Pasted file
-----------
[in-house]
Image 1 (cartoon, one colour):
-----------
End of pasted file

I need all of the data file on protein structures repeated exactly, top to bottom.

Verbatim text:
[in-house]
Image 1 (cartoon, one colour):